The soup course was a light, frothy potage served in small cappuccino cups. The choice was either onions or garden peas, of which the former was perhaps less successful, as the sweetness of the young onions did not provide an adequate contrast to the soup’s creaminess.

Yamada-san has always done great things with fowl, especially his wintertime classic, foie gras-stuffed quail on mashed potato with chestnuts and port sauce, which he does even better than ever at Harmonie. However, on this occasion our course included a delectable dish of Chalon duck that was every bit as good, and better suited to the warmer weather.

Tender and fragrant, it was braised with just the slightest hint of orange and served with courgettes, young onions and fresh morel mushrooms in a balsamico sauce. Yamada believes this Chalon duck, flown in fresh, is the best in all of France. Prepared as well as this, there’s no arguing with that.

Food of this caliber demands equally good wine — and Yamada has the cellar to supply it. In fact his warehouse in Aoyama holds a total stock of 15,000 bottles, virtually all from France and concentrating on Burgundies. Even though he keeps only a fraction of that stock at Harmonie, there is no shortage of choice.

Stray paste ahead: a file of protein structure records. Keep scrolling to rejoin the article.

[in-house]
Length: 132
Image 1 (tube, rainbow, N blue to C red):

Confusingly, though, the wine list mentions just a score or so of names. Do not be deterred: Mention a price bracket and you will be offered half a dozen varied bottles to choose from. We found a very good Cote Roti in the 8,000 yen bracket, which seemed the right level of splurge for this meal. Alternatively, there are always six reds and the same number of whites available by the glass, too.

The cheese plate — all French, all at the perfect stage of affinage — featured the diminitive portions that have become the Tokyo standard. Dessert was a first-rate, no-nonsense creme brulee, given more than a hint of the aroma of Earl Grey tea. However, it must be said, a good reason for ordering a la carte would be to sample the house ga^teau au chocolat or the black-sugar blancmange.

We closed our meal with espresso at the table. An alternative is to adjourn to the ground-floor bar, where you can stand and cradle a snifter of Armagnac or aged Calvados served in one of Yamada’s antique Baccarat glasses, while puffing on a Cohiba.

This is the great thing about Harmonie. You can settle in upstairs for a full-scale dinner with a grand cru, or you can sit downstairs and snack on light bistro fare. You can drop by early in the evening for a quick pastis, or linger late into the night, propping up the bar and nibbling on Parma ham, Parmesan cheese or Yamada’s incomparable grilled foie gras.

Whichever way you play it, Yamada has assembled a fine little restaurant where all the elements do indeed meld together in a melodious harmony.